The previous time my byline appeared in this column, we were just a few weeks into the government-ordered lockdown, and I pondered whether construction projects could – or should – continue. In the year since, the construction industry proved adaptable as owners, general contractors and trade contractors labored to ensure that work continued while employees were kept safe and there was compliance with the various government-ordered and -recommended practices intended to slow the spread of COVID-19.

While we are still many months from being past the pandemic, we have at least neared the light at the end of the tunnel. Most adults in Oregon, and across the country, are now or will soon be eligible for vaccination, and there are signs of normalcy as kids return to school and the various pandemic-related restrictions are slowly lifted. As our industries and communities enter this new stage of what is hopefully recovery and resurrection from the pandemic, the time is right to look back at lessons learned over the past 12 months.

Contracting considerations

Prior to March 2020, I cannot remember spending more than five minutes negotiating force majeure language in a construction or design contract. When advising owners, I often recommended a handful of modifications to the force majeure provisions of the various industry standard forms, which were typically accepted without comment or revision by the other party.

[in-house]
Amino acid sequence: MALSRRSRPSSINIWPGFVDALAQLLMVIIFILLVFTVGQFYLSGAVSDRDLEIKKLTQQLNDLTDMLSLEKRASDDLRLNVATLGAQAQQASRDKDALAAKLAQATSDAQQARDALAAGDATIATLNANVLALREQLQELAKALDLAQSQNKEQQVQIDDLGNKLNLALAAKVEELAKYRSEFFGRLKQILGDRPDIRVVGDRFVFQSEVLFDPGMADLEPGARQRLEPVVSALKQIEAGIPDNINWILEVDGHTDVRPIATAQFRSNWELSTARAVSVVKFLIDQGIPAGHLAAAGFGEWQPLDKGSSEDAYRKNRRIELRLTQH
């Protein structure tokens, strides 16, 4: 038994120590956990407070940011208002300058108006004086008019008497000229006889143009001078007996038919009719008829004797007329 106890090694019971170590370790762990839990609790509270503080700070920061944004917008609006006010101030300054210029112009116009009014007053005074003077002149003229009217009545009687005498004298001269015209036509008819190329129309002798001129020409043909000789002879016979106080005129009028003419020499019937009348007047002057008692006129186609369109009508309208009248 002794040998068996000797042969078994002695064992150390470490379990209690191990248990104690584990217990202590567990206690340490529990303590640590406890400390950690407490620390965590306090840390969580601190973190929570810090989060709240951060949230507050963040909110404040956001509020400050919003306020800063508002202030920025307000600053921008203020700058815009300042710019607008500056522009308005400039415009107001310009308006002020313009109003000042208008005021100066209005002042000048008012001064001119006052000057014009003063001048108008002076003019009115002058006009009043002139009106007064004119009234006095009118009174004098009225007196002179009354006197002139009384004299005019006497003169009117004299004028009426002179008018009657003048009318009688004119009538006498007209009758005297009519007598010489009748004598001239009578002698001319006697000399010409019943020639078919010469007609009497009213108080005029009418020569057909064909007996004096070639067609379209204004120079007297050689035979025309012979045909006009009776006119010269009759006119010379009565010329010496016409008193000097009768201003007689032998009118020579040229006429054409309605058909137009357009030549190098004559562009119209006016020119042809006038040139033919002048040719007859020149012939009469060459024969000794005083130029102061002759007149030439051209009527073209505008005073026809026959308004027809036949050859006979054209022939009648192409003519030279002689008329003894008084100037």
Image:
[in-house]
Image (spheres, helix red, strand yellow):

Post-March 2020, the force majeure provision is easily the one that is most closely scrutinized – at least in terms of time and red ink. And for parties negotiating new agreements, the range of solutions has run a broad spectrum as contracting parties have looked for fair – and sometimes creative – ways to allocate the numerous risks that the ever-changing pandemic presented (and still presents).

Of course, for contracts negotiated over the past year, the parties have been in the unique position of negotiating during an ongoing force majeure event – or at least force majeure-like circumstances. Because the pandemic is ongoing, contracting parties should – at least to some degree – be able to account in both price and schedule for the known impacts of the pandemic as of the date of contracting.

Thus, the challenge is drafting a provision that is flexible enough to differentiate between those known risks – e.g., the impacts of existing government orders and restrictions – and the unknown risks – e.g., future government orders strengthening restrictions or imposing new lockdowns due to a surge. While the rule traditionally followed in construction contracting is that the occurrence of a force majeure event gives the contractor the right to additional time – but not necessarily money – many owners have agreed to include a remedy for additional costs as part of pandemic-specific force majeure provisions. On the flip side, many such owners also want the opportunity to share in any savings in the event the work becomes less expensive due to, for example, a loosening of government restrictions that comes earlier than anticipated.